Artificial Intelligence

Date: 2020-04-27
Author: Anthony Selleck

Continuing our series of articles on intellectual property, our Senior Associate, Anthony Selleck, discusses how advances in artificial intelligence (AI) in the medical field can be protected. This article was originally published by the Australian Society for Biochemistry and Molecular Biology

While the use of AI in medicine has a long history, the last few years have seen an explosion in interest and investment in this field of technology. AI, and in particular, ‘machine learning’, is being applied to develop new products and processes for use in both medical research and clinical practice. Patents are the classic species of intellectual property rights used to protect medical innovations such as new pharmaceuticals, genetic technologies and medical devices. However, when it comes to protecting AI-related innovation through the patent system, certain challenges remain. This article will examine the latest applications of AI in medicine and provide guidance for identifying aspects of AI projects that may be protectable by patents.

AI and machine learning 

The term ‘artificial intelligence’ was coined in 1956 to refer to computer programming techniques that seek to mimic human intelligence. During the 1960s and 1970s, AI progressed into the development of ‘expert systems’, where computers were programmed to simulate the decision-making processes of human experts. Such systems were the first to apply AI to the realm of medicine by designing computer programs that would assist in the process of medical diagnosis.

The 1980s and 1990s saw the development of a new approach known as ‘artificial neural networks’. These are a network of computing units that are connected and controlled in a manner that (supposedly) resembles the neurons in the human brain. Each neuron performs a small computational task (typically matrix multiplication) and communicates its results to other neurons. In contrast to earlier approaches, the logical rules are not ‘manually’ coded into the system. Instead, the artificial neural network derives the rules itself (and thus ‘learns’) from a large dataset that is input to the system.

After a surge of interest, artificial neural networks fell out of favour by the end of the 1990s. However, starting in the early-2010s with some well-publicised advances in artificial neural network-assisted language translation, strong interest in the technology returned. The interest and investment remains very much in place today, no more so than in the field of medicine.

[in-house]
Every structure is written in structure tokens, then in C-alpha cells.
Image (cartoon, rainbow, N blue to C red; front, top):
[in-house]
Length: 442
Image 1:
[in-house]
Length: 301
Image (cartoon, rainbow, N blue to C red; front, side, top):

‘Deep’ networks (that perform ‘deep learning’) are one of the key technical breakthroughs underlying modern artificial neural networks. In contrast to the flat topology of earlier approaches, deep learning networks are arranged in layers, each of which contains several thousand neurons. The first layer is fed with a large input dataset that contains examples of the phenomenon that the network is to model. In the medical domain, the input dataset could be any form of biomedical data, such as medical images with particular features, symptoms and associated diagnoses, candidate drug compounds and/ or genomic data.

The system connects the neurons in the layers to perform a structured sequence of computations that define a model that can be used to make predictions from input data. The robustness of the model is tested by running the input dataset through the neural network and determining how well it performed its task. Any deficiencies in the model are used to rearrange the connection patterns between the neurons and thereby improve the model’s accuracy. Once the model converges to a desired level of accuracy (which may involve many iterations), the artificial neural network is evaluated by processing a new dataset of unseen values. This provides an indication of how the model might perform in the real world when processing data on which it has not been trained.

Protecting AI innovations 

With the increase in the availability of medical imaging, biomedical, genomic and epidemiological datasets, deep learning techniques are being harnessed to develop solutions across a range of medical domains. Radiology is a natural application, where artificial neural networks can be readily trained with medical imaging datasets to be able to recognise and essentially diagnose diseases captured in an image. In this regard, machine learning algorithms are increasingly being integrated into the workflow of radiology software to assist clinicians.